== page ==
From your post, I'm assuming you are having trouble with more than one of the grits you mention. If you only had trouble with 50s, for example, I would think you had a bad batch of 50s. If you are having trouble with more than one type, something else is wrong.

            Either Norton belts are very poor, which is possible, or the Norton belts are reacting to something about your sander.

            Try this:

            Go to another retailer and try a differnt brand. I use the purple 3M belts from Menard's and have good luck with them. If the other brand of belts works...take your problem with Norton back to the Home Depot store for a refund. If the new belts also have problems, you may have a tracking problem with your sander.

            Look in your sander's manual for how to adjust belt tracking. Some sanders self adjust, others need to be adjusted. Perhaps the Norton belts just can't handle mistracking.

            Beyond that, I'm not sure what you should try. Please post your progress.

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            • #7
              Thanks to all for the info. Unfortunatly I've used up(busted) the remaing belts but I will try a different brand and forward my results. One thing I did notice and forgot to mention was the "wearing down" of the mesh tape that connects the belt together. It starts at one end (forgot which end) and about half inch in is when the failure occures.
              Should there be any side to side movement on the belt when sanding? I get that when going in a side to side motion but not in a front to back motion. I adjust the belt according to the manual -flip the sander over and run while turining knob to center belt.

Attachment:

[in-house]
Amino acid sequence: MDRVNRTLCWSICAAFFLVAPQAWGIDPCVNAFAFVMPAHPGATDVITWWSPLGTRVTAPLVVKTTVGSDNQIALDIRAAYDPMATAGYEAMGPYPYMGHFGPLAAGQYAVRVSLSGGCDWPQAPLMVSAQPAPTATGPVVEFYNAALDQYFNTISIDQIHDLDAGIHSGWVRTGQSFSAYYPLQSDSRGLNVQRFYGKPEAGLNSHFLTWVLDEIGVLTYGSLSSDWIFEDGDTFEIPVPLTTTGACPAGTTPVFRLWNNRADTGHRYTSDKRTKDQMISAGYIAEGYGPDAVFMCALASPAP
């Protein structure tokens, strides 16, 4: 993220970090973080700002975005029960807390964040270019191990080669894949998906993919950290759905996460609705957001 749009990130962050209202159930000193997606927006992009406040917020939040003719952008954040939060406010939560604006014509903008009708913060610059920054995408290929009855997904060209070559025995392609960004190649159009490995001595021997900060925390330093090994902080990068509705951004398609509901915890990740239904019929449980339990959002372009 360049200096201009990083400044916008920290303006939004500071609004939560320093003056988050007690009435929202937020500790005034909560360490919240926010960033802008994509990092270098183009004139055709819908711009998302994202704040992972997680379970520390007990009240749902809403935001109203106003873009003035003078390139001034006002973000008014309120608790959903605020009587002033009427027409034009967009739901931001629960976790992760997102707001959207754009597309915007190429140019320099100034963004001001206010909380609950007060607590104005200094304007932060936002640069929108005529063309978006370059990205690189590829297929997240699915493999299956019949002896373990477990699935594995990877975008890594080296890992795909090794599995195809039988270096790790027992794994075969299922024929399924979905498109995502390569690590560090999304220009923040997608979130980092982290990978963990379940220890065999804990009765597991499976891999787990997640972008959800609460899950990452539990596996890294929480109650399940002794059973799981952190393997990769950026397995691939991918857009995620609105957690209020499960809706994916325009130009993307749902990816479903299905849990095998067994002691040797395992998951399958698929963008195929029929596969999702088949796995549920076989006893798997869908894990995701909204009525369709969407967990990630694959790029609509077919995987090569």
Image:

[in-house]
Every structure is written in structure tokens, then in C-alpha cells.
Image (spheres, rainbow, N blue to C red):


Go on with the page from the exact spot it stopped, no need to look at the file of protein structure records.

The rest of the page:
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              • #8
                Leonard,

                My experience with belt tracking is that the belt will usually run to the outside or inside if the tracking isn't adjusted properly. This is pretty rare though and some minor turning of the adjusting knob gets the belt to track centered on the rollers.

                I've never had a problem with the belt moving side to side on the rollers though. Almost sounds like the tension is off. You mentioned earlier that you don't apply a lot of pressure when you are sanding (you shouldn't, the weight of the sander alone should be enough).

                CWS

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                • #9
                  "I get that when going in a side to side motion but not in a front to back motion"

                  Leonard, a belt sander is designed to work best in line with the belt travel, "front to back", and with the direction of the grain in the wood.
                  Moving it side to side makes the belt "walk" on the platen, especially if you're putting any pressure on it.
                  I've never personally had any problem with Norton belts, but I prefer the 3M.
                  They just seem to work a little faster if they're kept clean and last longer.
                  Good luck.

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                  • #10